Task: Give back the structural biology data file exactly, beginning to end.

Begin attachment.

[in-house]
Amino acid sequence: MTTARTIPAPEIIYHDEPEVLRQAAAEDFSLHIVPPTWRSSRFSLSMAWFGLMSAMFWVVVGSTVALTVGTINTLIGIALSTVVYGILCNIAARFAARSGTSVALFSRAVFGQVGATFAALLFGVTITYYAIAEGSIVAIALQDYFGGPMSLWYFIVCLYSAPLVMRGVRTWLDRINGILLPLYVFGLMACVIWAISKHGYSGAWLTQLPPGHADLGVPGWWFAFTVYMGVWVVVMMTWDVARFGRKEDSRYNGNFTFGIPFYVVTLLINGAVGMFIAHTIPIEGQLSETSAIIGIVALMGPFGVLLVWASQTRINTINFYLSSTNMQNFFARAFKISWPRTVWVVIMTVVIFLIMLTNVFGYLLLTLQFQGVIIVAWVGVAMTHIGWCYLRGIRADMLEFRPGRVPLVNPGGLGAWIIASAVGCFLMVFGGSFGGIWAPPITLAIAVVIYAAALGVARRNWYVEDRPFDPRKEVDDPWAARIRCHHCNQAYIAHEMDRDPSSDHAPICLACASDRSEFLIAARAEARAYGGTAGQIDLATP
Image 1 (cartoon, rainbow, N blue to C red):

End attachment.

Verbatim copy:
[in-house]
Amino acid sequence: MTTARTIPAPEIIYHDEPEVLRQAAAEDFSLHIVPPTWRSSRFSLSMAWFGLMSAMFWVVVGSTVALTVGTINTLIGIALSTVVYGILCNIAARFAARSGTSVALFSRAVFGQVGATFAALLFGVTITYYAIAEGSIVAIALQDYFGGPMSLWYFIVCLYSAPLVMRGVRTWLDRINGILLPLYVFGLMACVIWAISKHGYSGAWLTQLPPGHADLGVPGWWFAFTVYMGVWVVVMMTWDVARFGRKEDSRYNGNFTFGIPFYVVTLLINGAVGMFIAHTIPIEGQLSETSAIIGIVALMGPFGVLLVWASQTRINTINFYLSSTNMQNFFARAFKISWPRTVWVVIMTVVIFLIMLTNVFGYLLLTLQFQGVIIVAWVGVAMTHIGWCYLRGIRADMLEFRPGRVPLVNPGGLGAWIIASAVGCFLMVFGGSFGGIWAPPITLAIAVVIYAAALGVARRNWYVEDRPFDPRKEVDDPWAARIRCHHCNQAYIAHEMDRDPSSDHAPICLACASDRSEFLIAARAEARAYGGTAGQIDLATP
Image 1 (cartoon, rainbow, N blue to C red):